By Peter Varhol
NVIDIA’s Tesla GPU processor architecture has the capability to quickly execute computations that are important in engineering analysis and simulation.
Graphics processing units (GPUs) have, for many years, powered the display of images and motion on computer displays. GPUs are now powerful enough to do more than just move images across the screen. They are capable of performing high-end computations that are the staple of many engineering activities.
Benchmarks that focus on floating point arithmetic, those most often used in these engineering computations, show that GPUs can perform such computations much faster than the traditional central processing units (CPUs) used in today’s workstations—sometimes as much as 20 times faster, depending on the computation.
But the performance advantage in these benchmarks doesn’t automatically make it a slam dunk for running engineering applications. Comparing CPUs with GPUs is like comparing apples with oranges.
GPU Challenges—and Rewards
The GPU remains a specialized processor, and its performance in graphics computation belies a host of difficulties to perform true general-purpose computing. The processors themselves require recompiling any software; they have rudimentary programming tools, as well as limits in programming languages and features.
These difficulties mean applications are limited to those that commercial software vendors develop and make available to engineering customers, or in some cases, where source code is owned by the engineering firm and ported to the GPU. Vendors have to perceive that a market for a GPU version of their software exists, while engineering groups have to determine that it will pay for them to make the investment in hardware, software and expertise.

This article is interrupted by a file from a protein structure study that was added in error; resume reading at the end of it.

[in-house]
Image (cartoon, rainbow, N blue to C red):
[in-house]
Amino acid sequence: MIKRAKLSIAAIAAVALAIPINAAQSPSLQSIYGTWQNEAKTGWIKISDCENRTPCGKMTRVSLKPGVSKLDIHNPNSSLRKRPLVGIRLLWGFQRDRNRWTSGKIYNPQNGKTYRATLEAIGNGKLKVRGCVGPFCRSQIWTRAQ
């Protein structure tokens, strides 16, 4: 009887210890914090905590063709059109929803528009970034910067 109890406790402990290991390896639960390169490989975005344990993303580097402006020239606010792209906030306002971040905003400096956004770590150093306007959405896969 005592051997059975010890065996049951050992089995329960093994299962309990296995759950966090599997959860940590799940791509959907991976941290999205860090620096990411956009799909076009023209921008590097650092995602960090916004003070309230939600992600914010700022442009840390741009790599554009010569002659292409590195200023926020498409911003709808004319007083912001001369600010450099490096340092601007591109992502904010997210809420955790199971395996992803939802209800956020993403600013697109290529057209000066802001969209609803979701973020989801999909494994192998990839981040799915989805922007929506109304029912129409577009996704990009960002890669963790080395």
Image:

GPU Systems Available Today
Commercial GPU-based systems are becoming increasingly common. NVIDIA, in addition to providing processors to third parties, also builds its own systems and clusters under the Tesla brand. These include the Tesla Personal Supercomputer, which has up to 448 cores in a multiprocessor configuration, with up to 6GB of memory per processor, in a deskside configuration for under $10,000. The cluster systems include either straight GPU or GPU-CPU systems in 1U configurations for the data center. A 1U NVIDIA unit with a quad processor configuration can do four teraflops of single precision operations, and about 340 gigaflops of double precision.
In addition, third-party systems are available from engineering system vendors such as Appro, Microway, Supermicro and Tyan. These systems typically provide multiple processors and cores, and deliver high levels of computational power for specific uses.
That concept is a long way from the industry standard Intel and AMD CPUs, which are used to power the majority of workstations (and even high-end supercomputers). Changing that would be an expensive and time-consuming affair for software vendors.
Nevertheless, the cost and performance of GPUs can make a difference in how design engineering is done. Imagine being able to run an analysis on your design 20 times faster than you can today, for example.
Benchmarks Are Not Real Life
But it’s not a simple matter. First of all, “20 times faster” is highly problematic: Just because some computations can be speeded up by that much doesn’t mean that the entire analysis would be. In fact, the overall analysis could even be slower than using a CPU, if the CPU can compute other parts of the analysis faster.
Second, it would be a significant software development effort to run even fairly common code on a GPU. Some types of code may require modification, while other types may not be able to run on the GPU at all. Many engineering software vendors aren’t yet convinced that the effort can pay for itself and make a profit.
So it turns out that you still need the traditional CPU after all. You need it because that is where the vast majority of engineering and office software runs, where the primary software development skill set resides, and whose all-around performance is at least good enough to remain in that role for the foreseeable future.